Why is this important?

Aside from any importance attached directly to Ms. Siddiqui's case, and there is much - it is an international human rights incident between Pakistan and the United States, and emblematic in that country of the plight of their "disappeared", the implications of multiple female enemy combatants in U.S. custody, and of one in "high-value" black site incommunicado detention are profound, which may indicate why the U.S. government has gone to such lengths to protect this information above all else: above admissions of waterboarding, above admissions of extraordinary rendition flights through Europe, above admissions of homicide and abuse at Guantanamo, in Afghanistan, and in Iraq.

It means, without any speculation about Ms. Siddiqui's detention whatsoever, that there was a female in custody at Bagram during the period following the time when prisoners were killed there in interrogation, and during the period when all of the "torture memos" those by John Yoo, Jay S. Bybee, and William Haynes/Donald Rumsfeld, were in effect. For a period that spans the entire Abu Ghraib set of photographs, the ensuing scandal, and the reports of that scandal and the homicidal interrogations at Bagram which are the center of "Taxi to the Dark Side", spans the timespan when the Black Sites were reported, spans the time written about in Erik Saar and Viveka Novak's book, Inside the Wire, which details, among other things, sexual humiliation of prisoners at Guantanamo by interrogators of the opposite sex.

In Saar's book (Inside the Wire, pp. 224ff.) he details for several pages an attempt to break a male inmate at Guantanamo, by a female interrogator who first taunted her prisoner with sexual remarks, then rubbed her breasts against him and touched him, then finally unbuttoned and put her hand into her pants, withdrew it, and pretended to smear his face with menstrual blood. Saar comments that afterward the interrogator, "looked at me and began to cry...I knew she hadn't enjoyed this. She had done what she thought was best to get the information her bosses were asking for." (p.228). This is the language of a person who is performing sexual humiliation under orders. A high-value detainee was subject to many things that ordinary prisoners were subject to, and the CIA played by harder rules than the military, and is still permitted to, as far as we know. It is not hard to speculate what those rules permitted against someone known to have a Muslim woman's fear of nudity, cavity searches, or other humiliations, at a sight with no Red Cross oversight, highly classified, and the sense of mission that would put people on a waterboard.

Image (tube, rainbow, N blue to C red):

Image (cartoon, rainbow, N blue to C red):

We know as well that prisoners were stripped and placed in stress positions at Guantanamo, at Bagram, and at Abu Ghraib. Stripping was S.O.P. at Guantanamo. We know from the above example that exploiting "Muslim sexual fears" was fair game. We know prisoners were raped anally with rifle barrels. We know some high-value detainees were not only tortured with the approval or memos from the OLC or the defense department, but with the blow by blow approval, if not in real time, by members of the National Security Council, with the approval of the President. We know that high value detainee torture was considered necessary.

It has seemed alright for us to know this, many of these facts have come out of government officials themselves, testifying before Congress, writing written testimony, and in many of the books that have come out about the White House and the players in this high stakes torture game. What has been more confidential than anything, what has been more classified than any other fact, what has been hidden so hard that the stories that have to be concocted to keep it secret begin to make no sense is this: That this was done to women as well. Aafia Siddiqui had 3 children with her when she disappeared, only one has been accounted for. She says she was threatened and made to sign documents by telling her harm would come to her children. One is a girl. One was an infant boy. Is there another shoe to drop?

1 comment:

Jim White said...

If there were indeed two women, it's hard for me to imagine that they stopped at just two.

The problem of the children is too terrible to contemplate, especially given the suggestions what happened to KSM's children.